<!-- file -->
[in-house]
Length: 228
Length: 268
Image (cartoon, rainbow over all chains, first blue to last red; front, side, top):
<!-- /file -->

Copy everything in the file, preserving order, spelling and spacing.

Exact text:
[in-house]
Length: 228
Length: 268
Image (cartoon, rainbow over all chains, first blue to last red; front, side, top):